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Soils in Greenhouse Plots in an Urban Area

  • Shuji Sano
  • Honami Kongo
Chapter
Part of the International Perspectives in Geography book series (IPG)

Abstract

Although Osaka Prefecture has a large population (8.8 million people), agricultural lands occupied about 8% of the total area (13,920 ha) in 2010. Man-made soils are widely distributed in the agricultural fields, especially those with greenhouses. According to the Japanese Soil Classification system, soils over 35 cm thick consisting of materials transported from other sites that were dressed on the surface layer are classified as man-made soils. Here, one survey field, formerly a rice paddy, was located on a flood plain of the Yamato River. Soil dressing was conducted twice. Most soil properties were remarkably different among the horizons. Deeper buried horizons, separated from the upper horizons by an abrupt boundary, can be identified as dredged materials from nearby rivers, since the content of phosphorus (P) and exchangeable calcium (Ca) were relatively high and pH (H2O2) was remarkably lower than pH (H2O). Previous land use for the paddy field was also confirmed at the deeper horizons by an upper wavy boundary, and a lower boundary separating it from a plow pan layer with iron mottles. In another research site located at Sakai City, known as Senboku new-town in the mountainous areas, the field site had been reclaimed 40 years before by clearing sections of old growth forest. Sulphur-containing marine clay makes up the deep layer of soil profiles in this area, necessitating dressing of soils from other sites. There were drastic differences in soil properties among soil horizons, especially the deeper layers characterized by reductive soil reactions, which consisted of marine clay. Relatively high contents of sulfuric compounds probably influence soil acidification by further cultivation of soils in the deeper layer.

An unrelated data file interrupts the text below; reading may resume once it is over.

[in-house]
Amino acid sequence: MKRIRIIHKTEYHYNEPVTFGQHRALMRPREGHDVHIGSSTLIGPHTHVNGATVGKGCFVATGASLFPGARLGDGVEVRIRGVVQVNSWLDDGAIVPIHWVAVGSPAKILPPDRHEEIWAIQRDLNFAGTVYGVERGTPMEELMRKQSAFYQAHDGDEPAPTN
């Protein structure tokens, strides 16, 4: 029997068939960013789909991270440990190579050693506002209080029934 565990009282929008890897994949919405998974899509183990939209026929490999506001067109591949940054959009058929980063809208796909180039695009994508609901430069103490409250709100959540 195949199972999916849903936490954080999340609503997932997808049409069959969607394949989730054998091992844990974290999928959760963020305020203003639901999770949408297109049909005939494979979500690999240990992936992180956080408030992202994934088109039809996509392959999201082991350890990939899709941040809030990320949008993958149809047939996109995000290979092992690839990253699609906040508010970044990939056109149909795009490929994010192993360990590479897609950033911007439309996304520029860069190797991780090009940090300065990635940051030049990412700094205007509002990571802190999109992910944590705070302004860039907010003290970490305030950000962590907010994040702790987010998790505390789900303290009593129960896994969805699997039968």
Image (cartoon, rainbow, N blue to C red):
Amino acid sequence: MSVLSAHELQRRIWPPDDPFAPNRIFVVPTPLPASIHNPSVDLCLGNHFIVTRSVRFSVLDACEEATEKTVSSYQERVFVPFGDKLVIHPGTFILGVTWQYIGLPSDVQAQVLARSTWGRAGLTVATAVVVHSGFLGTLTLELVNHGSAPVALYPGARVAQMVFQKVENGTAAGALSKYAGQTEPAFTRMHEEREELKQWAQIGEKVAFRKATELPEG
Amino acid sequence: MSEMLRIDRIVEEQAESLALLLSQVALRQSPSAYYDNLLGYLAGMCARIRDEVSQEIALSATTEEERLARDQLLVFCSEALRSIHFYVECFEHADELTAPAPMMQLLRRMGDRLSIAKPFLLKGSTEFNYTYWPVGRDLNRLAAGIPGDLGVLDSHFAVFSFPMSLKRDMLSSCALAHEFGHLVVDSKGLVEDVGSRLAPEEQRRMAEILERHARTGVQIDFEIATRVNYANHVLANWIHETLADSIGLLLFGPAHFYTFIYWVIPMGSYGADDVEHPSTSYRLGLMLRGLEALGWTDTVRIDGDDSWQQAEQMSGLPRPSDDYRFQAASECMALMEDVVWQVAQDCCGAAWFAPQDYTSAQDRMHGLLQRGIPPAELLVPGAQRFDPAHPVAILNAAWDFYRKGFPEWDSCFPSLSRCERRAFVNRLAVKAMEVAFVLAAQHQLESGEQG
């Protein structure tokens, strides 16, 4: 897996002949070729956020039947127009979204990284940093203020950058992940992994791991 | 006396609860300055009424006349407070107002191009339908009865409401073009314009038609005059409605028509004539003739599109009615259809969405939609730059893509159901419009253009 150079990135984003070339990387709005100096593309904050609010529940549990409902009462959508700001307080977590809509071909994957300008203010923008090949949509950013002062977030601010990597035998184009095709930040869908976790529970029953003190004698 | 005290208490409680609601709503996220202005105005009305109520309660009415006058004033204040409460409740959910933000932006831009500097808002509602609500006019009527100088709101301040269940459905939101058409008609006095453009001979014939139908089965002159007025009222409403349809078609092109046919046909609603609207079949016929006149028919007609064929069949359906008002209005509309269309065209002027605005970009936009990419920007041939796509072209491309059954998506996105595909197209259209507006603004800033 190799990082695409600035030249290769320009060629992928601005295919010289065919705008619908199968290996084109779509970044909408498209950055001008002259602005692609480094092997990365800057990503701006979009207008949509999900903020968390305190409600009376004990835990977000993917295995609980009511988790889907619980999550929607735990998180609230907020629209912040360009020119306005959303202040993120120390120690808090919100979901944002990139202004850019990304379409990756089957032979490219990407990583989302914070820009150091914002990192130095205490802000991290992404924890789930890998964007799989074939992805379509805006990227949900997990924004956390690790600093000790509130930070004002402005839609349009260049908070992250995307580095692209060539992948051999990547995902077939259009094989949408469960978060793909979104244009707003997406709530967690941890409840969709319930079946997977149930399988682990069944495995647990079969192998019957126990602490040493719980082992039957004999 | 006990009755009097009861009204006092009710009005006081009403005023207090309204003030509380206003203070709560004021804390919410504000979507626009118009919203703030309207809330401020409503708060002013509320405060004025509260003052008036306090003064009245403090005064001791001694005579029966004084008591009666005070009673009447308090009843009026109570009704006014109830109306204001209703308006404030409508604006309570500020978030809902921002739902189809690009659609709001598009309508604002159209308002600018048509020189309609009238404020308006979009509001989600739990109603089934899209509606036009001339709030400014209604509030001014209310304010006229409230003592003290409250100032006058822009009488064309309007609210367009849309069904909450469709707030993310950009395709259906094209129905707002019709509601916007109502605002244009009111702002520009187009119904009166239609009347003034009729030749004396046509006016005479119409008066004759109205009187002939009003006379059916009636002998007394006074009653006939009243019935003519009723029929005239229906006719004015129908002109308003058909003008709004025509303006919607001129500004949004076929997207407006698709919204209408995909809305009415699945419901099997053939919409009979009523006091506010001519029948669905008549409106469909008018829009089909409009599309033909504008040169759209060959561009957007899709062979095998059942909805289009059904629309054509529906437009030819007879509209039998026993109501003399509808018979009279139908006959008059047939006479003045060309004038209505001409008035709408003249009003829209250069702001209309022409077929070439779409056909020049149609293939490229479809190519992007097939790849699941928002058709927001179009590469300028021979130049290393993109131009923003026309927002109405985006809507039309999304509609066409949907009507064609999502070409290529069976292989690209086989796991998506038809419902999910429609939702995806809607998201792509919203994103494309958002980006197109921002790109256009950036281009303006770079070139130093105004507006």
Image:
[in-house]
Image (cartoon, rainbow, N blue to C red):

Keywords

Construction works Cut and bank Urban agriculture Soil dressing 

Notes

Acknowledgments

The authors are grateful to local farmers for their cooperation in the field survey, as well as Mr. Yoshinori Ueda (Chubu Office for Agriculture-Forestry Promotion and Nature Conservation, Osaka Prefectural Government) and Miss Ayaka Yagi (Senshu Office for Agriculture-Forestry Promotion and Nature Conservation, Osaka Prefectural Government) for their assistance in the field survey. We also would like to thank members of the Research Institute of Environment, Agriculture, and Fisheries in Osaka Prefecture for their assistance in the laboratory analysis.

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Copyright information

© Springer Nature Singapore Pte Ltd. 2019

Authors and Affiliations

  1. 1.Research Institute of Environment, Agriculture, and FisheriesOsakaJapan

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